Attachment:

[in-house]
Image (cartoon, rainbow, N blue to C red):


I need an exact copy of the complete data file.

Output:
[in-house]
Image (cartoon, rainbow, N blue to C red):